St Nicks

Centre for nature and green living

Meet the Ecotherapy Team: Discover Nature tutor Phil Taylor

Photograph of Ecotherapy tutor Phil Taylor looking through his wildlife camera
Phil at work photographing wildlife. Taken by David Bodenham.

What is your role at St Nicks and what training, employment and interests led you to this role?

I run the Discover Nature ecotherapy group at St Nicks. I can’t remember a time when I haven’t been interested in wildlife (or Star Trek). Since university I have pursued a career in ecology as apparently Starship Captain is “not a valid occupation”. I’ve travelled across the country for various wildlife jobs but every time I returned to York, I would always head to St Nicks. I originally stumbled across the site volunteering with the BTCV. Before, if you had told me there was a nature reserve in the centre of York, I would have laughed at you… but it was true! A careers adviser suggested I move on to other placements, but I decided if I hung around St Nicks long enough, they might give me a job. Turned out that was also true!

What does a typical day involve?

Photograph of a bee taken by Phil Taylor

Photograph of a bee taken by Phil Taylor

A typical Discover Nature session in the BEFORE TIMES would involve participants catching up in the morning. Each session had a particular theme, be it squirrels, pollinators, evolution… and even once, making model reindeer out of sticks (we don’t talk about this anymore). After a quick presentation, we spent the remaining session time outside, exploring the reserve and looking for wildlife.  Due to the pandemic, I currently make video sessions:

What aspects of Ecotherapy are you passionate about and why is Ecotherapy so important?

Photograph of a blackbird taken by Phil Taylor

‘Beaky’ photograph taken by Phil Taylor

Ecotherapy is important because nature is an incredible resource for healing and is (mostly) readily available. As a long-term sufferer of anxiety it has helped me many times in the past. If I can help people feel even slightly more comfortable accessing nature, that is time well spent.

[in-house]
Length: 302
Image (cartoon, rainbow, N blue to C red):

What would you say to somebody who is thinking about enrolling on to Ecotherapy?

Do it! I have found that sometimes the hardest thing is building up enough courage to try something that MIGHT help me, because the fear of it NOT helping is too great. If I overcome that fear, it opens so many opportunities. Also, if it helps, we have access to plentiful biscuits.

What’s your favourite way to connect with nature?

'Squirrel' photograph taken by Phil Taylor

‘Squirrel’ photograph taken by Phil Taylor

I enjoy watching birds on feeders. It’s quite relaxing. Also, during the pandemic, one of the blackbirds in my garden (“Beaky!) trained me to feed him. He never fails to lift my spirits.

Do you have a top tip for others who want to improve their wellbeing through connection with nature?

Go outside and look for nature EVERY day. It doesn’t have to be long, even just two minutes. And it doesn’t have to be “nature-y” nature, like kingfishers, deer or hippos. Even “mundane nature” can lift your spirits – look how well a seagull soars, the subtle beauty of a female mallard, or the antics of city pigeons.

To find out more about Phil’s work you can follow him on Twitter @greenunderwing  or visit his website Green Underwing Wildlife Education. To learn more about Ecotherapy including how to join Phil’s Discover Nature group, take a look at our web pages here or contact Kathy Sturgess at

25 February 2021 | Categories: Ecotherapy, Inspiration, Natural Habitats | Tags: ecotherapy, Inspiration, natural habitats